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CAFTA threatens sovereignty
Ag Weekly ^ | Cathy Roemer

Posted on 07/19/2005 8:56:49 PM PDT by w6ai5q37b

TWIN FALLS, Idaho -- "CAFTA is NAFTA on steroids," said Kent Snyder, executive director of The Liberty Committee, a group whose motto is "Political Action From Principle."

Affiliated with congressional representative Ron Paul, R-Texas -- who also opposes the Central American Free Trade Agreement-Dominican Republic -- the committee holds that CAFTA-DR, like the decade-old North American Free Trade Agreement isn't really about true free trade; it's about global managed trade.

"Think about it," Snyder said. "Why does it take over 1,000 pages to define free trade?"

In administrative works for several years CAFTA would create a NAFTA-like free trade zone between the United States and six other countries -- the Dominican Republic, Guatemala, El Salvador, Honduras, Nicaragua and Costa Rica. It would erase most quotas and tariffs on imported goods and services. The trade agreement finally reached a Senate vote June 30. It passed by a narrow margin of 54-45 and moves to the House for a vote sometime next week.

Snyder said the agreement will no doubt be decided "by as little as three or four votes."

"The upcoming vote on CAFTA promises a replay of mafia-style tactics used to coerce votes from reluctant House members," he said. "Already, arms are being twisted; deals and pork payoffs are being made with your tax dollars; political threats have been issued -- and that's only the beginning."

Relinquishing U.S. sovereignty is the biggest reason to oppose CAFTA, he said.

"Then it's the economy, and the list goes down from there," he said.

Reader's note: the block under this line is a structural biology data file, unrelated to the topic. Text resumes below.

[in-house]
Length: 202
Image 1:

Snyder referenced CAFTA-DR article 10.16.3 that "places the United States under the jurisdiction of international tribunals supervised by the United Nations."

Article 10.5.2 says international tribunals must use "customary international law" as established by "principle legal systems of the world" when deciding cases.

"CAFTA, like NAFTA, treats the U.S. Constitution like a relic," Snyder said.

Tom DeWeese, president of the American Policy Center, Warrenton, Va., said U.S. sovereignty is absolutely the No. 1 concern with CAFTA.

"Sovereignty is a question of who is in control," he said. "A nation should be in control of it own destiny and should not voluntarily relinquish that control.

"CAFTA is a danger to our independence and to our sovereignty, and it is the job of the U.S. government to protect Americans first," he said.

DeWeese said the trade agreement, like those that have gone before it are simply "a raid on our economy."

"It is a redistribution of wealth, and who has the most wealth?" he asked. "The United States does."

DeWeese said he supports free trade but not the "CAFTA truckload of regulations that tell you how to do it."

Information from the United States Trade Representative's office confirmed that CAFTA-DR countries already enjoy duty free access to the United States on up to 80 percent of their goods exported to the United States. For agriculture exports, CAFTA would reduce tariffs on many U.S goods going to Central America, but just as many would not be duty-free for at least another one to 15 years, the USTR office said.

Under the agreement, American taxpayers will also pay to develop trade with those nations. National Action Plans have been designed to identify each country's trade-capacity-building needs and funnel money from public (and private) sources ... "to make the transition and changes necessary to realize the linkage between trade and development."

Joel Gill, membership chairman for R-CALF USA, a national cattlemen's group, traveled on a fact-finding mission to Central America.

Gill said under CAFTA-DR, normal trade relations using supply quota for imports are not included.

"Beef has been declassified as a perishable and cyclical product, making it immune to 'snapbacks' or quotas of beef entering the country," he said.